Viewing papers 1-3 of 3 for zen AND by AND charlotte AND joko AND beck

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Zen by Charlotte Joko Beck Term Paper

… If we can really be with who we are, Transformation occurs."

The power of life is already inherent in all of us and she makes that clear throughout the book. Instead of being caught in the tangle of trying to find a solution for our lives, she believes that we must be enlightened from being dimly aware of the endless possibilities that are available to us.

The simplicity of life is within us and we need to rid ourselves of the "if only" I had this or that or did this or lived there or had that job or that family, etc. Beck admonishes that "we all go through that one. Slowly we wear out most of our "if onlies. Not one of us isn't…. [read more]


Consciousness and Perception Research Proposal

… Meditation

Consciousness and Perception:

Meditation's Effect on Brain, Body and Mind

Meditation has its beginnings in the spiritual traditions of the East. Hinduism and Buddhism both incorporate the practice as an essential part of their search for spirituality and their connection with the universe. Being more practical, the West has embraced meditation for its usefulness in managing stress and improving health and well-being overall. While these benefits were likely experienced by the monks who practiced it as well, these benefits were secondary to their primary religious intentions. In the West the practice is more often than not of a more self-serving nature. Since the 1970s, meditation has become increasingly popular in the West and is promoted as a way to reduce stress, bring about relaxation,…. [read more]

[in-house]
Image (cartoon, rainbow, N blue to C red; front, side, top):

different ways jesus and buddha teach anger Creative Writing

… To not have anger arise would be one of the core goals of Zen practice: 'the longer we practice the less likely that it is to come up,' (Beck 62). Jesus implies that a 'simple prohibition' on anger may be sufficient to prevent God's judgment or being sent to hell (Beck 62). A 'simple prohibition' on anger based on willpower or the 'Do Not Be Angry' principle is inefficient, impractical, and ineffective from the Buddhist point of view (Beck 62). Jesus effectively says 'do not be angry' in the Sermon on the Mount but does not offer his followers any pragmatic tools for self-management, for personal practice, or for cultivating the type of mind that is less prone to anger. The lack of tools for…. [read more]

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